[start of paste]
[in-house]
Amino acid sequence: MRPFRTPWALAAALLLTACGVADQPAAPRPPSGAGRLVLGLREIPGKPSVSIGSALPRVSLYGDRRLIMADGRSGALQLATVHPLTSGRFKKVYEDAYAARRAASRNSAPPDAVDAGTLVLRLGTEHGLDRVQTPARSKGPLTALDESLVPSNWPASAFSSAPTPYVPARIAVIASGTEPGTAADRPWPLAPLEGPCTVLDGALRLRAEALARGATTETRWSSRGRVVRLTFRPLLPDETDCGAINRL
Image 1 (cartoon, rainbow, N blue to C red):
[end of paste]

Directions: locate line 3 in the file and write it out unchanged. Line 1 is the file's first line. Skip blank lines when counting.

Image 1 (cartoon, rainbow, N blue to C red):